We have a good batch of people. They're smart. Actually, they're scary smart. One is an Air Force astronaut engineer, another has a PhD in aeronautical engineering, and a third has a PhD in geology. One has negotiated billion-dollar shipbuilding contracts. One civilian, who looked like an innocent in over his head, actually has one of the sharpest minds in the Corps and a will of steel when he chooses to exercise it. Any one of these people could easily have an out-of-control ego, but none do. Not that the rest of us would let them get away with it, even if they did.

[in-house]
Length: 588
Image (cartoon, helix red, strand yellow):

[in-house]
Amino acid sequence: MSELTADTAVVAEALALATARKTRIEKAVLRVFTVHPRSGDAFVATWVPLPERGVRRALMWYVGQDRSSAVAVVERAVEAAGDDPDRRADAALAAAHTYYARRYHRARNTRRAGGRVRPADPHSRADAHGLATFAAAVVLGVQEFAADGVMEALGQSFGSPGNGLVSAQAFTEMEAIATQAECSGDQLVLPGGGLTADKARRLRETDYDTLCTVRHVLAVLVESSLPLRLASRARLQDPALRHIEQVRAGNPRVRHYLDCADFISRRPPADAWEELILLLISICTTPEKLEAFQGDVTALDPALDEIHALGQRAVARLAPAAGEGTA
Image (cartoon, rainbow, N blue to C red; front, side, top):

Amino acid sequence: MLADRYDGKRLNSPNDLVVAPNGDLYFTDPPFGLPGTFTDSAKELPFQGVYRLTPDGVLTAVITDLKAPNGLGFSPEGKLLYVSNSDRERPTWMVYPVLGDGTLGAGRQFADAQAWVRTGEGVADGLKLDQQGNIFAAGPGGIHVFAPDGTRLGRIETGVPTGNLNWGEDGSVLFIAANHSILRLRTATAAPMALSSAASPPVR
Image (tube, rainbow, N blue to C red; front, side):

Groups like this are not uncommon over here. I think that's one reason why so many civilians keep coming back, or never leaving - the experience of being a part of a tight group that's working on something vital and important. There's nothing like it.

But before you get the wrong idea: when my tour is up next April, I am not extending! I've got a wife and two little dogs waiting for me at home. So while I like the situation I've got here, the one at home is more important.